KwaZulu-Natal tycoon Philani Mavundla stands outside his homestead in Greytown. (Gallo Images)
Philani Mavundla (49), a construction magnate who once offered to pay Zuma’s portion of the security upgrades to his home in Nkandla, is involved in a joint venture which was awarded the R1bn contract to build an acid mine drainage plant in Springs, east of Johannesburg.
However, documents City Press has obtained show his joint venture company was paid the R81m advance before he even broke ground on the plant – which is expressly forbidden by the Public Finance Management Act (PFMA).
Yet, a spokesperson for the department’s entity insists the advance payment was regular.
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Mavundla, the former mayor of Greytown in KwaZulu-Natal, was awarded the contract by the Trans Caledon Tunnel Authority (TCTA), which falls under the department of water and sanitation. It is tasked with managing and delivering bulk water-supply projects around the country.
A senior TCTA official told City Press this week: “The media has neglected this organisation, but the rot that is here is enormous. The acid mine drainage projects alone are worth R12bn. Companies have received projects which did not go out via public tender. People are carrying money out of this institution in bags.”
This is the latest instalment of City Press’ Watergate investigation, which has previously exposed the scale of corruption in bulk water delivery projects, as well as how Water and Sanitation Minister Nomvula Mokonyane’s young companion has been effectively running her department, and how Phase Two of the Lesotho Highlands Water Project was stalled by Mokonyane in apparent efforts to ensure that businesspeople close to her got a slice of the R26bn deal.
Last month, City Press also reported that Treasury shot down Mokonyane’s attempt to consolidate the TCTA and the Water Trading Entity into a parastatal with its own board, budget and balance sheet.
The TCTA has also been implicated in further alleged wrongdoing after it paid another company, Intelligent Water Solutions (IWS), R12m before a contract was even signed. Invoices that City Press has obtained show that IWS started submitting invoices from June last year, but the contract with TCTA – for the “maintenance and operations of another acid mine drainage purifying plant” in Germiston, eastern Johannesburg – was only signed in August. The remainder of the R36m they initially billed for was paid by TCTA at the end of August.
The entire 36-month contract awarded to IWS is worth R234m. IWS claims the advance payments were agreed to by TCTA.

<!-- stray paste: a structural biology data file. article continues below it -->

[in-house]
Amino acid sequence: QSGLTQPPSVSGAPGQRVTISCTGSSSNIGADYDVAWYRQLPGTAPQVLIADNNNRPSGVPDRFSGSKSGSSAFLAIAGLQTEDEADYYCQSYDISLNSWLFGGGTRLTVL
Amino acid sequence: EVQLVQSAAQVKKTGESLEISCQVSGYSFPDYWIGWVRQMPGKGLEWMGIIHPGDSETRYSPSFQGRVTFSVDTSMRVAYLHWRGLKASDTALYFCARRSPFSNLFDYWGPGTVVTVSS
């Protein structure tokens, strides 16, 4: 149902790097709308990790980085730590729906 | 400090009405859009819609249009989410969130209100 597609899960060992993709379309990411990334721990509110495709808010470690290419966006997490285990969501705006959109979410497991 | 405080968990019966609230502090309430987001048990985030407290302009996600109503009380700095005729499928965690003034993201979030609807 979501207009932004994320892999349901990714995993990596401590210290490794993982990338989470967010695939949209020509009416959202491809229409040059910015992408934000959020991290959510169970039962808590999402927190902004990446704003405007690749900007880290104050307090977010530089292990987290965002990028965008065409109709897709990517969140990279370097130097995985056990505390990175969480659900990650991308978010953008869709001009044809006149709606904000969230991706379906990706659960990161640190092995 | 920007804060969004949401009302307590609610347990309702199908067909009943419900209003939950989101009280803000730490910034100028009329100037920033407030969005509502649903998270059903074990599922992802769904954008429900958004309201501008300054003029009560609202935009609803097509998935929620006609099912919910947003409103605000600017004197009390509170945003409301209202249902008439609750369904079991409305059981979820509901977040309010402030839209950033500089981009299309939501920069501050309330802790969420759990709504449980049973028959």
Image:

MAVUNDLA’S BIG DEAL
Meanwhile, copies of paid invoices and email exchanges between TCTA officials show that in June 2014, the TCTA advanced R81m to a joint venture involving Mavundla and Italian construction giant CMC.
The joint venture, known as CMC-PG Mavundla EB JV, built the R1bn Eastern Basin acid mine drainage purifying plant, which cleans the water filling disused mines and makes it fit for domestic use.
The invoices and emails show that:
- Mavundla’s joint venture was paid the advance, despite officials initially informing them they would not receive an advance payment.
- Even though it had completed and commissioned the plant in June last year, the joint venture continued to submit monthly invoices for the plant’s construction until three months ago.
- The company was paid a further R42m for an “operations and maintenance” contract at the same plant which did not go out to tender and seems to have been extended irregularly.
- The joint venture was paid R93m in unspecified variation orders, but requested an additional R144m for more unspecified variation orders. It is unclear if this amount has been paid.
TCTA spokesperson Wanda Mkutshulwa confirmed that for the main contract, the joint venture was paid R956m, excluding variations, value-added tax and contingencies. She insisted it was all above board.
But a senior Treasury official, who spoke on condition of anonymity, told City Press that “there was no place and space for advance payments in the PFMA”.
“The normal way is that you supply the goods and the services, then we pay – not the other way round. The bidding process is meant to eliminate those who do not have resources and those who do not have the capacity to do the job,” the official said.
“If you can give a tender to anyone and then assist them to do the job, what is the point of procurement policies? Advancing payments means you can give a tender to anyone, without regard to whether they have the resources or capacity to deliver.”
WHO IS MAVUNDLA?
Mavundla found fame in 2014 when he offered to pay back Zuma’s debt following former public protector Thuli Madonsela’s Nkandla finding that the president should personally pay a portion of the R246m security upgrades to his Nkandla home.
One of his companies, PG Mavundla Engineering, was involved in large construction projects in KwaZulu-Natal, Lesotho and Gauteng – including Durban’s Inkosi Albert Luthuli International Convention Centre, Sibaya Casino and the R250m John Ross Highway Bridge in Richards Bay. It is also involved in Eskom’s R20bn Ingula hydro-electricity scheme, near Ladysmith.
In 2011, Mavundla was elected mayor of Greytown’s Umvoti Municipality but declined to draw the R700 000-a-year salary, diverting the money to development projects instead.
He owns a palatial property outside the town, which features a triple-storey mansion with 28 bedrooms, 12 lounges and a gym for him and his immediate family.
By October 2014, he had three wives and 18 children.
He is listed as an active director of 15 companies and owns four more properties, including the Propaganda Hotel and the Mavundla Square Shopping Mall in Greytown.
In 2005, he helped establish the Friends of Jacob Zuma Trust to raise funds for his fraud and corruption trial.
In 2008, Mavundla slaughtered 20 cattle to celebrate Zuma’s ANC presidency victory at Polokwane in Limpopo.
In June last year, Durban’s Daily News reported that “financial constraints” forced PG Mavundla Engineering to cede a R20m Durban housing contract to another company.
WHAT THEY SAY
Mkutshulwa said the advance paid to Mavundla’s joint venture was provided for in the contract.
“It is not true that TCTA refused to pay; neither is it true that this was against the PFMA. The upfront payment was provided for under the International Federation of Consulting Engineers’ conditions of contract. The contract allowed for an advance payment of 10% of the contract amount, in return for an advance payment guarantee.
“An advance payment serves to fund initial site establishment costs and payment for long lead items. It is repaid by the contractor over a predetermined fixed period during the life of the contract.”
Although the contract was concluded in June 2016, Mkutshulwa said such projects had a standard three-month trial period to ensure the plant operated well.